The exhibition "Heritage of Central Asia: Kushan Civilization" is scheduled for April 2023. The James Simon Gallery is located on the Museum Island in Berlin, which is the one of the main cultural destinations in Western Europe. Every year, more than 3 million people visit the island. The exhibition will explain the Hellenistic period in the context of Uzbekistan’s broader history: from the conquests of Alexander the Great to the rise of the Kushan Empire.
One of the main monuments of modernism in Tashkent was created by a group of young architects in 1974. For several decades, the displays and infrastructure of the museum were not updated, and the experimental materials that were used to decorate the facade of the building were not as durable as were originally planned. This year, the SMA reconstruction project will be presented. The author of the reconstruction is a Japanese architect: the winner of the Pritzker prize- Tadao Ando.
The total area of the museum will double to 20,000 square meters, including 7,000 square meters of exhibition space. This will allow us to rethink the museum's exposition possibilities and expand the museum's storage, where the entire archival objects of the institution will be stored – numbering more than 100,000 exhibits. A public space will be created around the building – a new modern park in the center of the city with an area of 1.1 hectares.
The residence of the Grand Duke Nikolai Romanov was built in 1881 by the architects Wilhelm Heintzelman and Alexey Benois. From 1918 to 1935, the State Museum of Art was located in this building. Until recently, the palace was inaccessible to the public. In 2020, the Foundation announced plans to renovate the building and create a branch of the State Museum of Art.
The main aim of the exhibition in the building of the Duke's residence is to recreate the atmosphere of that time. The interior will be as close as possible to the decoration of the palace under Nikolai Konstantinovich. For this purpose, the overseers of the project will use preserved archival photos. The exhibition will include SMA exhibits: classical paintings, Italian sculpture and porcelain, furniture, as well as the original copy of the Duke's will, which itemizes each object in his collection that he gave to the city of Tashkent.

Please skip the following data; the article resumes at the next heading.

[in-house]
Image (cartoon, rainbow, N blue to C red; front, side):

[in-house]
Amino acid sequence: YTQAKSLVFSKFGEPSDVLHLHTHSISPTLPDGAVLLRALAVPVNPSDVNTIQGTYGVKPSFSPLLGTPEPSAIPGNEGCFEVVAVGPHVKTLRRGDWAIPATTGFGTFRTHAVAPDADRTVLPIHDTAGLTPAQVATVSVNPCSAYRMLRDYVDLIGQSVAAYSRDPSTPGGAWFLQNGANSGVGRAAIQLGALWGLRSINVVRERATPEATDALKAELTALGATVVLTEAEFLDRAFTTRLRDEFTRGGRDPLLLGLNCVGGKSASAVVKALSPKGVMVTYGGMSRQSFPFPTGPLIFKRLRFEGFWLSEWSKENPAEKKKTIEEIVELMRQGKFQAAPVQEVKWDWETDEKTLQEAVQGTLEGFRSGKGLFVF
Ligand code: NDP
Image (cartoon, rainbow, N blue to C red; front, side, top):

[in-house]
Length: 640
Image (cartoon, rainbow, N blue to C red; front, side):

The building which will soon become the Center of Contemporary Art was built in 1912. Before the October Revolution, there was a diesel power plant that generated power for the first tram line in the city. This is where the electrification of the city of Tashkent began. Here, the renewal of the artistic environment of modern Uzbekistan will also start.
The building was built in 1909 by the architect Markevich. It was originally the home of a cotton mill owner, Vadyaev, and since 1910 it has been used as a public meeting venue. In the 1930s, the cinematic theater "30 Years of the Komsomol" was opened here. Only the left side of the building, where the library is located, has been preserved. It holds one of the largest collections of children's books in Central Asia – more than 200,000 items. In 2020, a project for the reconstruction of the building will be presented, which will be handled by the Ludi Architects Bureau (Russia).
2017 - 2023 Art and Culture Development Foundation under the Cabinet of Ministers of the Republic of Uzbekistan.